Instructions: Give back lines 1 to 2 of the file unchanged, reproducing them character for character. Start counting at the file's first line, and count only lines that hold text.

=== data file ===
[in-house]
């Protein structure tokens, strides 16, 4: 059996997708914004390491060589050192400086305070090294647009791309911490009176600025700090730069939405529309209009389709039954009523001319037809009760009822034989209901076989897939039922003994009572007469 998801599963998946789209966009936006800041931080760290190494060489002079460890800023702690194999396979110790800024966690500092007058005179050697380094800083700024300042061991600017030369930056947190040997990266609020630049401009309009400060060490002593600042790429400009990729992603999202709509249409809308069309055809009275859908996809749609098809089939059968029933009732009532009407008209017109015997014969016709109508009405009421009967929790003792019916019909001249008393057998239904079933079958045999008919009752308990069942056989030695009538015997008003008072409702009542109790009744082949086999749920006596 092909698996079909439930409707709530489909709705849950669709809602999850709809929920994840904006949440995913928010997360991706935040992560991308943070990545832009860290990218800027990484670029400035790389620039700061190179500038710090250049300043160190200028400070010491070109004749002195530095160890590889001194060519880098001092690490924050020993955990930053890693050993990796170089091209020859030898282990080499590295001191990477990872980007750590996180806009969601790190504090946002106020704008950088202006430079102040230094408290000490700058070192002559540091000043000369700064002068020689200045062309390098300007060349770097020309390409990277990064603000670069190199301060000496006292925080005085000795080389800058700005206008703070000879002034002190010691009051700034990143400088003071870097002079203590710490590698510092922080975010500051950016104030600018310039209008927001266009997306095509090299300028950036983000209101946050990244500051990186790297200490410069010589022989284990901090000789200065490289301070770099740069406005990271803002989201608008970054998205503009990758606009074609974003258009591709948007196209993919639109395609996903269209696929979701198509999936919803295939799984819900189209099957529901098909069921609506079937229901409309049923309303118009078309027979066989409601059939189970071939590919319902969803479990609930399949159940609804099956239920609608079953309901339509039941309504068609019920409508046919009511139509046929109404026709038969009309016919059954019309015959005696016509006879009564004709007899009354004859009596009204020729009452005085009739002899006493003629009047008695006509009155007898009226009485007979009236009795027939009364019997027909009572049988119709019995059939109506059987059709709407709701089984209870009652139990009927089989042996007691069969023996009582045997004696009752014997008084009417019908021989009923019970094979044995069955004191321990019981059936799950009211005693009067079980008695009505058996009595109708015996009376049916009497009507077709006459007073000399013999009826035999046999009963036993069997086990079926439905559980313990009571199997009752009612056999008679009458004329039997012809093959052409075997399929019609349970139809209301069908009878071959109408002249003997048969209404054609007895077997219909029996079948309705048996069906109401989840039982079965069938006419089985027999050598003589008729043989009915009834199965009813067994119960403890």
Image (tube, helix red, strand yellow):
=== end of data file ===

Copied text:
[in-house]
């Protein structure tokens, strides 16, 4: 059996997708914004390491060589050192400086305070090294647009791309911490009176600025700090730069939405529309209009389709039954009523001319037809009760009822034989209901076989897939039922003994009572007469 998801599963998946789209966009936006800041931080760290190494060489002079460890800023702690194999396979110790800024966690500092007058005179050697380094800083700024300042061991600017030369930056947190040997990266609020630049401009309009400060060490002593600042790429400009990729992603999202709509249409809308069309055809009275859908996809749609098809089939059968029933009732009532009407008209017109015997014969016709109508009405009421009967929790003792019916019909001249008393057998239904079933079958045999008919009752308990069942056989030695009538015997008003008072409702009542109790009744082949086999749920006596 092909698996079909439930409707709530489909709705849950669709809602999850709809929920994840904006949440995913928010997360991706935040992560991308943070990545832009860290990218800027990484670029400035790389620039700061190179500038710090250049300043160190200028400070010491070109004749002195530095160890590889001194060519880098001092690490924050020993955990930053890693050993990796170089091209020859030898282990080499590295001191990477990872980007750590996180806009969601790190504090946002106020704008950088202006430079102040230094408290000490700058070192002559540091000043000369700064002068020689200045062309390098300007060349770097020309390409990277990064603000670069190199301060000496006292925080005085000795080389800058700005206008703070000879002034002190010691009051700034990143400088003071870097002079203590710490590698510092922080975010500051950016104030600018310039209008927001266009997306095509090299300028950036983000209101946050990244500051990186790297200490410069010589022989284990901090000789200065490289301070770099740069406005990271803002989201608008970054998205503009990758606009074609974003258009591709948007196209993919639109395609996903269209696929979701198509999936919803295939799984819900189209099957529901098909069921609506079937229901409309049923309303118009078309027979066989409601059939189970071939590919319902969803479990609930399949159940609804099956239920609608079953309901339509039941309504068609019920409508046919009511139509046929109404026709038969009309016919059954019309015959005696016509006879009564004709007899009354004859009596009204020729009452005085009739002899006493003629009047008695006509009155007898009226009485007979009236009795027939009364019997027909009572049988119709019995059939109506059987059709709407709701089984209870009652139990009927089989042996007691069969023996009582045997004696009752014997008084009417019908021989009923019970094979044995069955004191321990019981059936799950009211005693009067079980008695009505058996009595109708015996009376049916009497009507077709006459007073000399013999009826035999046999009963036993069997086990079926439905559980313990009571199997009752009612056999008679009458004329039997012809093959052409075997399929019609349970139809209301069908009878071959109408002249003997048969209404054609007895077997219909029996079948309705048996069906109401989840039982079965069938006419089985027999050598003589008729043989009915009834199965009813067994119960403890």